Blues Guitar Chord Progressions • The Three Chord Progression • Part 4 • Shuffle Patterns In E • Chords, Tab, Video
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Learning Blues Guitar
I have been teaching guitar professionally since 1992, when Don’t Fret Guitar Instruction was established. Over the years, I have taught countless students (beginners to advanced) how to play or improve their chops. Past students include four members of PROTEST THE HERO.
With this book, my goal is to relate the scales with chords and rhythms as opposed to just learning solos or licks and having no idea how to apply them. Good rhythm playing and knowledge is crucial to good soloing and vice versa. This comes through understanding the relationship between chords and scales. This book provides that important foundation.
The book is unique in the fact that each chapter is based around a different key signature and an open (contains unfretted notes), pattern of the pentatonic scale. There are five chapters covering the key signatures of E, A, D, G and C, and the five open ‘box patterns’ (scale patterns) of the pentatonic scale. Eventually all the box patterns are covered, from the open strings to the fifteenth fret.
There is no endless scale practice or useless licks to learn. Instead, each chapter begins with a chord progression, moves into various rhythm patterns derived from the chord progression, and then culminates with solos based on the scale and key covered. These solos tie in with the chord progression and rhythm patterns to form a complete lesson for each chapter.
The book is progressive. Upon completion, the student will have a solid foundation in blues guitar, and will understand the rhythm, lead connection.
The book is best studied from beginning to end, without slighting any material. All theory is explained in the simplest terms. There are fretboard diagrams for the scales, chord grids, and photos of hand positions as well as videos posted on YouTube to aid in the learning process.
It is best, but not necessary, to have a knowledge of barre and open chord shapes before beginning this course. All the chords have fretboard grids associated with them.
Good luck and have fun. Music is a celebration. Enjoy!
Lorne K. Hemmerling
Liverpool's King's Dock on July 19, 2003 was the venue for a long awaited and much anticipated reunion between Eric Clapton and John Mayall & the Bluesbreakers. The occasion was both a celebration of John Mayall's 70th year and a fundraiser for UNICEF. Also invited to the party were former Bluesbreaker and Rolling Stone Mick Taylor and veteran trombonist Chris Barber. If you're a lover of the blues it doesn't get much better than this. The show ran for around two and a half hours and the film is now presented here in its entirety for the first time.
This style of blues rhythm playing has been around for a long time. It has also been widely used in rock and roll, country, rockabilly, blues rock and rhythm and blues. Elmore James, Eric Clapton, Stevie Ray Vaughn, Chuck Berry, George Thorogood Travis Tritt, Alan Jackson, Aerosmith, The Beatles, The Rolling Stones, all these artists have employed this technique. The basic premise is a power chord to a Major sixth, played as either a shuffle or a straight eight feel. Songs that come to mind are: Get Back, Ramblin' on My Mind, Move it On Over, Keep Your Hands To Yourself, Roll Over Beethoven, Johnny Be Goode, the list is almost endless, as are the variations to this pattern. Substitutions, embellishments, chord stabs, are all ways to vary the basic progression.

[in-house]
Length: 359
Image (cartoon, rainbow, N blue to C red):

This is the most most basic form of the pattern. It follows the normal 'one four five' progression in the key of E Major. These are the primary chords in the key of E Major: E (one), A (four), B (five). Many songs have been written using just these three chords. Simply move back and forth between the power chord and the Major sixth. The first four measures are E5 to E6, the next two, A5 to A6, back to E5 to E6 for two measures, followed by one measure of B5 to B6 (these are the hardest chords to form, because of the fourth finger stretch involved), one measure of A5 to A6, then back to two measures (commonly called the 'turnaround') of E5 to E6. As stated previously, this can be played with or without the shuffle feel (here, we are playing it with the shuffle), slow, medium, or fast tempo.
Shuffle Patterns In E #1
Shuffle Patterns In E #1
This progression adds a dominant seventh to all the measures, except the B5 to B6. The stretch with the fourth finger to form this chord is extremely difficult on the second fret. The seventh chord adds a little more colour to the overall sound and was first made famous in boogie piano compositions. It is still a staple today. Play the power chord with the first finger, the Major sixth with the third finger and the seventh with the fourth. Try to break the sound between the chords by releasing the pressure, directly after sounding the chord. Also, light palm muting works very well. The trick is stop the chords from ringing together. This will sound mushy with even light distortion.
Shuffle Patterns In E #2
Shuffle Patterns In E #2
2006 digitally remastered and expanded two CD deluxe version of this absolutely classic 1966 album by Mayall and his Bluesbreakers featuring Eric Clapton. Disc One features the original album's 12 in mono and in stereo for a total of 24 tracks. Disc Two features an additional 19 tracks including studio takes, BBC sessions, live versions and much more. This stunning package confirms that this is the absolute best British Blues album ever recorded! 43 tracks total.